Well, that and I'm addicted to craft books. But I can't tell you whether this habit of mine is in any of them. Like most of the lessons which make the most sense to me, I think it's just from life experience and noticing patterns.
I love to write dialogue. In fact, when I write, it's in layers, and dialogue is what comes to me first. I blast through it like a screenplay and then go back to try and layer in narrative/emotions/yaddayaddafoo. Today, while revising, I noticed a pattern--a habit--and I'm not sure whether it's a good or a bad one.
I swap out colloquialisms and pat phrases with character-specific synonymous new phrases. Since I like to label people crazy, so we'll use that as as an example.
Old Stand-bys for the crazy-labeling:
- She's crazy. (generic, on-the-nose, uninteresting)
- She's nuttier than a fruitcake. (sillier, but still generic and cliched)
- He's not playing with a full deck. (so commonly said it's generic)
Swapped out with character-specific phrases:
(Examples from actual family sayings. Yes, we're a colorful lot.)
- He's a half-a-bubble off plumb. (Credit: Dad, the carpenter)
- Some of the suds have gone out of her dishwater. (Credit: Stay-at-home mom)
- He's not painting with a full palette. (Credit: Me! Art chick likey)
I do the phrase-swapping willy-nilly, sometimes first draft, sometimes in revisions, sometimes I take it back out if it looks dumb later. And, of course, it's not just for the 'She's Crazy' phrases. Anything that is super-cliched is a possible target.
I don't know if this is good because it defines character voices, or if it'd be irritating in anything but miniscule numbers. Thoughts?
Love your character-specific phrases :)ReplyDelete
I'm with Lacey. I like it. Nothing's worse than a cliched saying IMHO. As long as the version you actually put in is not so weird it draws attention to itself, if that makes sense (I like your versions very much btw!). I tend to do what you do too actually. I write the cliche if I can't think of anything better at the time, then do something a bit different with it in edits. I reckon it's a good way to tackle it! :-)ReplyDelete
Love your new ways of saying crazy, much better than the same old cliches.ReplyDelete
I too have silly nicknames for my family members. Thanks to me my daughter is now called the Teenager named Miss Thang Tammy and my sister who's last name is Bitar pronounced "Beetar" is now called the Betard. I know this is not nice, but so so funny.
Haha I choked on my pop when I read Betard. Sounds like family, yup!Delete
I think anything is better than a cliche. And swapping them out for character-specific phrases is a great idea - gets rid of the tired stock phrase AND does some character building! I think you're right that it could get old (or make the character seem kind of cartoonish) if they're doing it constantly, but in small doses it sounds like a great solution.ReplyDelete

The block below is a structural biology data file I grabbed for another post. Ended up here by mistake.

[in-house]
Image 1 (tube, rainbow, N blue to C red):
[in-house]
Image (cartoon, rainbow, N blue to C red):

@Lacey: Thank Ya. We like to make up sayings about as much as we like to make up words -- which is rather a lot.ReplyDelete
@Jackie & Jessica -- I think the worry I have is the whole cartoonish thing. I'm never quite sure where the line is between brilliant and RIDICULOUS! Well, here's hoping that beta readers will be able to spot those that traipse across the Ridicu-line.
I do the same thing when I edit. Glad to know I'm not alone. :)ReplyDelete
Everyone wants to be unique now. People don't want to fit in, as writers, this allows us to establish our identity. Like the idea. ThanksReplyDelete
I think that's a great idea!! I'm reading Margie Lawson's empowerin Emotions lecture packet and she talks about refreshening up cliches and dialogue tags so you don't bore your reader.ReplyDelete
I love coming across a phrase in a book that I've never read before. Especially when it feels like the author had a bit of fun making it up. And double especially when it fits the character's personality. But one thing I've noticed with metaphors, and it might be a personal preference thing: Less is definitely more. They do get old fast. Sometimes simplicity is the answer. (I'm talking to you, George R R Martin! I'm shaking my fist as the wind howls like a wolf and the cold cuts like a knife!)ReplyDelete
I love it :) Keep doing what your doing, noticing things and telling stories and writing dialog. Keep it up!ReplyDelete
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Hi Amalie! I've been kind of MIA on the commenting front lately, but I wanted to let you know that I nominated you for the Liebster blog award. I hope it sends more people your way! :)ReplyDelete
I do like to collect interesting new phrases:)ReplyDelete